Tips From Veterans of Remote / Online Teaching

As you prepare to create and teach courses remotely this spring and summer terms, we asked some U of S instructors experienced with this type of teaching to share some quick words of wisdom based on what they learned from their own experiences. Below are their tips related to design, teaching, and assessment for remote / online. Thank you to Jorden Cummings (Psychology), Allison Fairbairn (Music), Hayley Hesseln (Agriculture and Bio Resources), and Karla Panchuk (Geology) for sharing your experiences teaching remote / online courses.

Design

  • Keep it as simple as possible. Online learning difficult for many students for diverse reasons, and we cannot assume our students have access to all things technology or that they are fully comfortable using technology.
  • Make it as easy as possible for students to find what they need within the course. Karla Panchuk shared this screen shot with us to demonstrate an easy to use sidebar menu in Blackboard.


Teaching

  • Pre-record what you need to, but there are numerous existing resources you may find useful (e.g. YouTube videos)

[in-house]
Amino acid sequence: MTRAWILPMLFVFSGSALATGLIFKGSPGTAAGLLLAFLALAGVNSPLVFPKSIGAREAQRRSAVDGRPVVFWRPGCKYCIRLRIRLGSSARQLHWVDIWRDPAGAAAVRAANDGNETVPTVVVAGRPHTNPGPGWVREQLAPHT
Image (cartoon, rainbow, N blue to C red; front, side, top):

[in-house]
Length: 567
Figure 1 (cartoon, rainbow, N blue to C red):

• Provide students with weekly checklists that highlight key items they need to look at
  • Post slides with voice-over. Post the notes page as well.
  • Use discussion groups to facilitate students connecting
  • Ask students to introduce themselves and say something that nobody knows about them
  • Ask students questions during the slide presentation/recording
    • Post those questions in a discussion forum to promote dialogue
    • Ask students to post a comment and reply to comments to encourage participation
    • Use the discussion forum with guided questions for readings
  • If you use outside services, avoid ones that require your students to create an account
  • Limit the number of tools that you and / or students will need to learn to use. Never assume that your students will all be tech-savvy

Assessment

  • Have clear rubrics and post them so students can see how you will assess their work ahead of time
  • If feasible, provide a peer review component that  allows students to receive additional feedback on their work
  • If students need to print materials off to fill out and then submit, they need to be allowed to take photos of these to submit since a scanner might not be available
  • Setting up the grading centre to do anything, but the basics is time consuming. Just download your grades and calculate offline
  • Hayley Hesseln also makes use of reflections on learning as assessments